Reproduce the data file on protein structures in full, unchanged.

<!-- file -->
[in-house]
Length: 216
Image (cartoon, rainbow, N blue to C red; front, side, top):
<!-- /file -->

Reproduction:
[in-house]
Length: 216
Image (cartoon, rainbow, N blue to C red; front, side, top):